The Nevera is Rimac’s first “series production” car, following on from the Croatian company’s first model, the Concept_One.
Though the latter was also an electric hypercar, the two models share nothing, as the Nevera was created from the ground up as a new car with almost every component developed in-house.
It features four electric motors, giving the carbon-tubbed coupe enough performance for Rimac to claim the Nevera is the fastest electric car in the world.
Only 150 examples of the Rimac will be made and there are still production slots available within that. To see what all the fuss is about, we travelled to Zagreb for a factory tour before taking the Nevera for a drive on road and track.
Rimac even let us use the insane Drift mode to melt a few tyres.
It ain’t cheap.
Pricing begins at €2 million ($3.16 million) in Europe. There are three standard trim levels to choose from: GT, Signature and Timeless.
Naturally, customers can choose to trim and equip the to their tastes as far their budgets will stretch.
All vehicles will be built in left-hand drive. As noted earlier, production is capped at 150 units worldwide.
As you’d hope from a crazy-expensive hypercar, even getting into the Nevera is an experience.
There’s a bespoke carbon-fibre tub underneath accommodating a large H-shaped battery pack, but Rimac has designed it all itself, so the battery is packaged to allow the driver and passenger sit low down in the car.
Despite that, and the ultra-low roof, entry and exit are made easy by butterfly doors that incorporate part of the roof and the side sills.
You sit in figure-hugging buckets seats made by Sabelt to Rimac’s specification, and the upholstery choice is up to you – though Mate Rimac; the company’s founder, would prefer if you chose one of the ‘vegan’ finishes.
Whichever takes your fancy, the Nevera’s cabin is festooned with bespoke switchgear – even the infotainment software is an in-house creation.
Below the central touchscreen is a bank of solid physical buttons, while Rimac is rightfully proud of its large protruding stalk controls that can be pushed, pulled or rotated to allow the driver to select from the myriad driving modes.
It’s a welcome analogue touch to what is undoubtedly a car of the digital generation.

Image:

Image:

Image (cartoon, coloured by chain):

We’re not so convinced by the steering wheel, however, which has Ferrari-like buttons for the indicators, but ahead of that is a fantastically sharp digital screen housing the customisable instrumentation.
We’ve mentioned the H-shaped battery pack. That has a 120kWh capacity for a theoretical range of up to 480 kilometres between charges.
Rimac designed its own AC on-board charger, while also endowing the Nevera with DC charging capability of up to 500kW – i.e. faster than any Australian EV charger currently can manage.
Speaking of faster, the battery sends energy to four electric motors, two on the front and two on the back, all independently controlled.
Maximum power is quoted as 1408kW, backed up by 1740Nm of torque. Rimac had planned to use a two-speed transmission, a technique used on the Porsche Taycan, but instead designed its own motors and their operation to use single-speed gearboxes.
According to Rimac, the Nevera can hit 100km/h from rest in just 1.97 seconds, despite weighing 2150kg. It recently went on to top 412km/h to set a new world record for electric cars, though customer vehicles can only be driven at such speeds following special preparation by the factory to ensure that the tyres are in good condition etc.
Encouragingly, though, the launch control facility can be used at any time, without pre-warming the battery pack or anything – and well over 1000kW is still available even when the battery is at 30 per cent charge.
Despite the headline-grabbing figures and the hypercar billing, Rimac is adamant that the Nevera has been developed to play the role of a GT car, too.
To convince us, the company let us drive the car on a busy highway, then a tight and twisty back road with a greasy surface, and finally through a small town before we arrived at a test track to really push the car to its limits.